Campus Pastor Ben is on Sabbatical from May 1st through July 31st during the summer of 2019. He will occasionally be posting blog reflections of that time right here

From May 10-15 Ben is riding on the annual PA-IPL bike trip. Learn more about this annual trip right here.

Machloket – a Hebrew word meaning sacred argument or debate. It’s at the core of a sentiment in Judaism that sees conversation between differing opinions as being foundational to any system of belief.

We were taught about this wonderful word during a stop at Adat Shalom, a synagogue in the Reconstructionist branch of Judaism, during today’s bike ride into Washington DC. Rabbi Fred shared with us from their 200 year old Torah, pointing out that differing opinions are how we form our perspectives on what we believe. He referenced Jewish texts that intentionally include two contrasting opinions, holding both as sacred, side by side.

All of this is important as we approach Capitol Hill, knowing that this is also a place with many different opinions, ideas, and contrasting perspectives.

We arrived here in DC, enjoying our final day on the trail, with our heads filled with our experiences and the many stories we carry with us. Our hope is that we can be heard, and that the words we share will help shape how our representatives lead this country. We know we are not all of the exact same faith, mind, or heart, but we also know we share a desire that people of faith speak up and speak out for a better future for our planet.

PA-IPL Bike Trip Day 4

Campus Pastor Ben is on Sabbatical from May 1st through July 31st during the summer of 2019. He will occasionally be posting blog reflections of that time right here

From May 10-15 Ben is riding on the annual PA-IPL bike trip. Learn more about this annual trip right here.

Image may contain: bicycle and outdoor

Water. We can’t live without it, and too much is problematic.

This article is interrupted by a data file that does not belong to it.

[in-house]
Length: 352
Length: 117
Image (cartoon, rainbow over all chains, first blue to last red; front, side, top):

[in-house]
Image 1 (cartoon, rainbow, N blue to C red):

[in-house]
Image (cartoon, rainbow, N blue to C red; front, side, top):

Two days of rain makes a cyclist feel many different things. When rain begins it can be refreshing on a warm ride. A light mist can be cooling on a sunny day, and a passing shower can be a minor inconvenience. But two days starts to feel downright frustrating. Water in our shoes, water in our clothes, soaking wet gloves, and water trickling down our backs. Rain so soaking that it pushes its way through raincoats and rain pants. Rain that makes us shiver when we are standing still, and makes any decent both treacherous and also stinging in the way it pounds exposed skin.

Long days of riding in the rain also makes us grateful for the way it greens our lives. It makes us grateful for warmth at lunch stops and our final destination. It makes us appreciate the small things like wringing our socks and gloves, and the feeling of climbing off the bike at the end of the day.

I am always grateful for hospitality on a long trip like this, but the past two days have increased that ten-fold. Today’s lunch was an incredible meal at a local Middle Eastern restaurant in Brunswick, MD. Our hosts at Am Kolel Retreat Center, and Joyce and other local friends from the Poolesville area have provided us with incredible warmth and welcome (including a vegetarian meal provided from a local farm-to-table restaurant. Water has been present in these spaces too – from the food prep, to the warm showers, to the green and growing spaces, water has been involved.

All that to say we have experienced water… the best parts and the hardest parts. We are ready for less water, and we are grateful for water.

PA-IPL Bike Trip Day 3

Campus Pastor Ben is on Sabbatical from May 1st through July 31st during the summer of 2019. He will occasionally be posting blog reflections of that time right here

From May 10-15 Ben is riding on the annual PA-IPL bike trip. Learn more about this annual trip right here.

Joni Mitchell’s iconic Blue album has become an important piece of music for me for several reasons. I find her voice and songwriting skill to be incredible, and it doesn’t hurt that we share a homeland (Canada), but what I’m most drawn to is her ability to sing with a vulnerability and transparency that acknowledges the ups and downs of life.